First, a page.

The ability of teenagers to buy alcoholic beverages illegally at retail establishments across Santa Monica is limited, according to data released Monday by Mothers Against Drunk Driving (MADD) Los Angeles Chapter.
To mark the 21st anniversary of the 21 minimum drinking age law, teenage members of the MADD Youth in Action program went undercover in cooperation with law enforcement agencies in 21 cities, including Santa Monica, over the weekend to conduct a national “Night of Compliance.”
Members of the Youth in Action teams attempted to buy alcohol at stores that sell liquor to determine the number of retail establishments illegally selling alcohol to people under 21.
A total of 867 checks in 21 cities across the country were made. Nationwide, only 82 percent of the stores were found to be in compliance with the minimum drinking age law.
In Santa Monica, 21 compliance checks were made, and only two stores were found to be out of compliance.
“The Night of Compliance gives us a snapshot of the nation’s alarming rate of illegal alcohol sales,” said Glynn Birch, MADD national president.
Since the 21 Minimum Drinking Age Act was signed on July 17, 1984, by President Ronald Reagan, all states have passed laws prohibiting persons under 21 from purchasing or possessing alcohol beverage products. However, in 14 states, it is still legal for someone under age 21 to consume alcohol.
“It’s important to mark the 21st anniversary of the national 21 drinking age law because of the more than 21,000 young lives the law has helped save,” said April Snook, community programs coordinator of MADD Los Angeles. “MADD supports the 21 law because it saves young lives and protects young minds. It’s laws like these that help keep alcohol — the number one drug choice among the nation’s youth — out of the hands of those it hurts the most.”
MADD’s Youth In Action program for teens is a means by which the environment that often condones and contributes to underage drinking can be explored.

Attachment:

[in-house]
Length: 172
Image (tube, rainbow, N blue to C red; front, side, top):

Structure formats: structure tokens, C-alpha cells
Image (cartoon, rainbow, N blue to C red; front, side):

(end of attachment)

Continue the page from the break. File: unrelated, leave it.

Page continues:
“The fact of the matter is, for those under 21 to get their hands on alcohol, someone over 21 has to provide or purchase it for them. Unfortunately, this is commonplace because underage drinking is seen as a rite of passage,” Snook said.
More than 2,200 15 to 20 year olds were killed in alcohol-related traffic crashes in 2003. But, in the past 21 years, there has been a 50 percent drop in the number of 15 to 20 year olds killed in alcohol-related traffic crashes and the number of 15 to 20 year old drinking drivers involved in fatal crashes, according to the U.S. Department of Transportation.
“While we have made great progress in reducing teen drinking and driving over the past 21 years, it still remains a major threat to teens today,” Birch said. “It’s not okay to just tell our kids not to drink and drive. The message to all teens is not to drink at all until age 21.”
On average, teenagers begin drinking alcohol at age 16. Extensive research on the development of the human brain shows that it continues to develop through the early 20s.
“The Santa Monica Police Department is committed to making underage drinking enforcement a priority,” said Santa Monica Police Chief James T. Butts. “We welcome the opportunity to work with youth to be part of the solution and combat one of the toughest public safety challenges facing our community.”
“It’s the responsibility of everyone, including parents, teens, law enforcement, and retail establishments, to limit alcohol access to youth,” said Joe Cruz, Alcohol Beverage Control representative. “We are dedicated to help keep underage drinking in check in our backyard and in our state through a coordinated compliance check program.”
In addition to Santa Monica, compliance checks were made in Albuquerque, Atlanta, Boston, Clarksville, Tennessee, Dallas, Denver, Detroit, Fairfax County, Virginia, Gwinnett County, Georgia, Honolulu, Jacksonville, Louisville, Minneapolis, Nashville, Reno, Sacramento, San Angelo, Texas, Seattle, Springfield, Illinois and Springfield, Missouri.Founded in 1980, MADD is celebrating its 25th anniversary this year. Its mission is to stop drunk driving, support the victims of this violent crime and prevent underage drinking. For more information, visit www.madd.org or call 1-800-GET-MADD.